Alok Sharma has been accused of hypocrisy after he jetted to at least 30 countries in seven months – and even managed to dodge quarantine regulations on return.
The climate tsar has managed to get thousands of air miles under his belt as he prepares the ground for the COP26 global environment summit this autumn.
It comes despite his own warnings that heavy rain and flash flooding “on our own doorstep” is a reminder for the UK about the urgent need to tackle climate change.
Speaking to the Daily Mail, Green Party peer Baroness Jones of Moulsecoomb called into question Sharma’s extensive travel arrangements.
“I do understand it’s very good to meet people in person, but this is excessive,” she said. “When you’re in charge of COP26, to take this many flights is hypocritical.”
According to reports Sharma visited at least six countries on the travel ‘red list’ but was given a ministerial exemption from hotel quarantine each time.
He has also been able to avoid having to isolate at home following ‘amber list’ trips.
Air travel is a major source of greenhouse gas emissions, raising questions over whether Mr Sharma should have held more ‘virtual’ meetings.
Liberal Democrat transport spokesman Sarah Olney said: “As usual with this Government, it’s one rule for them and another for everybody else.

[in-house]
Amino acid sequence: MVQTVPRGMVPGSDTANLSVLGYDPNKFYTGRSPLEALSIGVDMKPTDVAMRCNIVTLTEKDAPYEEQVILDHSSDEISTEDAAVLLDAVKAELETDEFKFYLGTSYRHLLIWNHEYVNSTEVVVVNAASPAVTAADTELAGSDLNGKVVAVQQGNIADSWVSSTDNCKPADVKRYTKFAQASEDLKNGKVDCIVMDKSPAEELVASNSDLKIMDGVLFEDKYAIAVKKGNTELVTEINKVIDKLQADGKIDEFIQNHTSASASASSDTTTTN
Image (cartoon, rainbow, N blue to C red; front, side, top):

“While Alok Sharma flies to red-list countries with abandon, hard-working families can hardly see loved ones or plan holidays as the Government changes travel rules on the hoof.
“People are sick of the Government giving themselves get-out-of-jail free passes while the rest of us stick to the rules.”
Paul Charles of the PC Agency, a travel consultancy, said ordinary Britons would be angered by the minister’s ability to dodge travel restrictions.
“I don’t think families will ever forget how they’ve been treated by ministers when it comes to travel,” he said. “It’s astonishing how the Government think they are above the law and can create rules for themselves.”
A government spokesman insisted Mr Sharma had held many video calls this year, but that it was also important that he met world leaders in-person to prepare for COP26.
The government insisted it would calculate the carbon emitted for the event and the flights by Mr Sharma in order to offset it through schemes such as tree-planting.
A spokesman said: “Sustainability will be at the core of COP26. The UK will be offsetting all carbon emissions associated with running the event and working closely with sustainability experts to make this happen.”